BERLIN (Reuters) - German Chancellor Angela Merkel’s conservatives and the center-left Social Democrats (SPD) on Sunday broke a deadlock over a higher basic pension for low-income workers, an impasse which had threatened the future of their governing coalition.
Senior coalition members, including Merkel and SPD Finance Minister Olaf Scholz, sealed the compromise deal during talks in the chancellery that lasted more than six hours.
The package also includes lower contributions to the public unemployment insurance scheme and the creation of an investment fund to support local high-tech start-ups.
“Germany will get a (higher) basic pension and this is a socio-political milestone,” said SPD interim leader Malu Dreyer, whose party had been pushing for a better deal for lower-income workers.
The coalition between Merkel’s CDU/CSU bloc and the SPD has struggled to stay afloat for much of the time since it was formed in March 2018 to end months of political limbo following an inconclusive national election.
The conservatives had agreed to an SPD proposal to introduce a higher basic pension for low-income workers who had been employed for at least 35 years. But some details were left open and talks on finalizing terms had stalled for months.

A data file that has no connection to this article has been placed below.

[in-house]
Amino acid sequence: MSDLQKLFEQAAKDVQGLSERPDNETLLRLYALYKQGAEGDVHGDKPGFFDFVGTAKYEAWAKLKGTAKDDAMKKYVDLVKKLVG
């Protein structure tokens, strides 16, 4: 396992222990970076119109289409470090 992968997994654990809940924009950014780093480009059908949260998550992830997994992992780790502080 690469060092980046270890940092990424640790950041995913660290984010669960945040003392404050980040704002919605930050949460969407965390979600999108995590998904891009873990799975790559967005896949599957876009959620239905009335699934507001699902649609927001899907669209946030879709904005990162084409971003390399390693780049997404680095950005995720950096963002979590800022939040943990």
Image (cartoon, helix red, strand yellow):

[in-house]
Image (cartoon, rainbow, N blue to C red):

The impasse led some SPD members, worried by the party’s falling ratings, to threaten to quit the coalition.
If the partners had failed to reach a deal, SPD members might have decided to vote against staying in the coalition at a party congress on Dec. 6-8.
Dreyer estimated that up to 1.5 million people would benefit from the deal through increased pension entitlements.
“Especially women will benefit from this... so this is also a strong signal when it comes to feminist policies,” she added.
Annegret Kramp-Karrenbauer, chairwoman of Merkel’s Christian Democratic Union (CDU), said the agreement would reduce the risk of old-age poverty while the decision to lower contributions to the public unemployment insurance scheme was meant to give the slowing economy a fiscal stimulus.
The planned investment fund will be worth up to 10 billion euros to support cutting-edge technologies in areas such as digitization and climate protection, Kramp-Karrenbauer added. It will be run by the state-owned KfW bank.
Markus Soeder, leader of the Christian Social Union (CSU), the Bavarian allies of the CDU, said the coalition parties had shown with their compromise deal that they were able to deliver.
He estimated that the increased basic pension would involve additional costs of up to 1.5 billion euros ($1.65 billion).
The package is likely to be welcomed internationally after the European Commission and the International Monetary Fund have urged Germany for years to use its hefty budget surpluses to stimulate domestic demand through higher wages and pensions.
The German economy shrank by 0.1% in the second quarter on weak exports, and data due on Thursday is expected to show another contraction in the third quarter. This would mean that Europe’s largest economy had entered a technical recession.
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Additonal reporting by Michael Nienaber; editing by John Stonestreet and Gareth Jones